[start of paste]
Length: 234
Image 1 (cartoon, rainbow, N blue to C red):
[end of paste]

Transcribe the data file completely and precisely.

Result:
Length: 234
Image 1 (cartoon, rainbow, N blue to C red):